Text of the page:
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Sportsmen for Fish and Wildlife founder Don Peay said Saturday he thinks wolves are "cool" and his organization would welcome some of the big predators into Utah if they could be managed correctly and honestly.
But the outspoken wolf critic told attendees at the 16th annual Stegner Center Symposium at the University of Utah that if something isn't done about controlling predators, citizens won't be able to hunt and view big mammals in the western United States in 20 years.
Peay participated in an often-heated panel discussion with Wild Utah Project biologist Allison Jones, Division of Wildlife Resources Director Jim Karpowitz, Wildlife Services Utah Director Mike Linnell and Western Wildlife Conservancy Executive Director Kirk Robinson.
"I hope the environmentalist legacy is not to destroy the Western wildlife model and populations," said Peay, who charged groups that reintroduced wolves back into the West with being dishonest.
He said he could support original agreements to bring 450 wolves into Wyoming, Idaho and Montana, but maintained wolf proponents ignored those agreements and allowed populations to expand to far larger numbers. Peay hopes bills in Congress will force the delisting of wolves from the Endangered Species Act.
Biologists say wolves in the West number 1,651 in 244 packs, down from 1,733 in 2009.
Robinson accused Utah wildlife managers of having a strong prejudice against predators. He said wolf critics such as Peay argue that the big predators are decimating wildlife populations in places such as Wyoming. But in 2009, he said, the population of elk in parts of that state was 108,000, when the stated management objective was for 83,000 elk.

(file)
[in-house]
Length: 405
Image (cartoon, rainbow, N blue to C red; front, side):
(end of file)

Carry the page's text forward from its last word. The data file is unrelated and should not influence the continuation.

"Don [Peay] paints pictures of wolves as villains and is doing everything he can to keep them out of Utah, but he doesn't use good science," said Robinson. "What he does has nothing to do with science."
Karpowitz said the state wildlife agency's objective is to keep habitat and predators in balance with prey animals.
Favoring an approach heavy on human management, he said predator control in Utah is implemented when biologists are trying to re-establish native wildlife, including endangered species; when individual predators threaten human life and property; when big-game herds are not meeting management objectives; and in waterfowl management areas to protect nesting birds.
"When there is evidence predation is a limiting factor, we try to make our control efforts timely and focused," he said. "Predator control is a valuable tool, but it's not the only tool. It should never be viewed as a cure-all. It's part of a comprehensive program."
Linnell, whose federal Wildlife Services works with state agriculture and wildlife agencies to control various predators, said a Utah Agriculture Department poll of urban Wasatch Front residents showed 43 percent did not want wolves allowed in Utah, 38 percent did and 19 percent weren't certain.
"There are places where wolves don't have to be," he said. "All wildlife does not need to be in all ecological zones."
Jones used the biological argument that predators and prey are perfectly adapted to each other.
"The prey population is better when there are active predators," she said.